Monday, July 04, 2005

happy 4th of july weekend to the folks in america!

many happy returns of the day, or words to that effect

for a sobering thought, here's clyde prestowitz's book, a review in the nytimes

alarmist, isn't it? this is the democratic perspective, atlanticist indeed. if the jobs were going to europe or if it was germans investing in the us rather than japanese or chinese, i think there would be much less worry.

even a fairly sensible person like paul krugman was getting excited about the chinese bid for unocal. i say, sell them whatever they'll pay good money to buy. the japanese ended up getting poor value for their investments in the us in the 1980s, and the chinese are likely to do the same.

incidentally, vsnl just completed its purchase of the tyco undersea cable.


san said...

Thanks for the post, Rajeev. I read that Krugman article, too. It's also useful to note that even during the height of Japanese acquisitions in the USA during the 1980s, their American holdings were far less than those of the UK. But the Japanese got picked on more, because they're a little more visible and identifiable than Anglo-Saxons. Remember that movie/novel by Michael Crichton? "Rising Sun," I think it was -- as if the Japanese were the Andromeda Strain or something more virulent.

Indians are now facing similar xenophobia, because we too are rising fast. I'm glad VSNL was able to buy Tyco's fiber network without too much hassle. Indians can provide Americans better value for their money, and it needs to be pitched more. Even smaller and medium-sized businesses will be made more competitive, by being able to obtain cheaper services from India that might otherwise be beyond their reach. For instance, a small home-office entrepreneur might be able to cheaply obtain a remote secretarial call-answering service from India that he might not otherwise be able to afford. By allowing more small businesses to proceed into the bigger leagues, India's cheap services will give more fluidity to the American economy. Would you rather have an economy which has 100 employers offering 100,000 jobs -- or would you rather have an economy with 1000 employers offering 100,000 jobs? Even if the number of jobs on offer remains the same, having these jobs distributed among a larger pool of employers will naturally benefit the workers, since there are a greater number of employers competing for job-seekers.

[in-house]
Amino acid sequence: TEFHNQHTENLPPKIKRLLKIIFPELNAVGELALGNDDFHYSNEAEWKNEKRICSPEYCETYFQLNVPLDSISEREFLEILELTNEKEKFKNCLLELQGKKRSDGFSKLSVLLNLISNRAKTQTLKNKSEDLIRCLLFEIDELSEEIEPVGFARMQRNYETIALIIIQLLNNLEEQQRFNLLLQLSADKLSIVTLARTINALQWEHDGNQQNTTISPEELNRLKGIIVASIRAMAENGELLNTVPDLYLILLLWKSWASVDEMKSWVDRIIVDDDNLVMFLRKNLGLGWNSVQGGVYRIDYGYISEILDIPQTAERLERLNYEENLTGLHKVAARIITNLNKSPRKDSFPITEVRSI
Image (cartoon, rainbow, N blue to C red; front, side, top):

san said...

Here's another article in The Economist about outsourcing.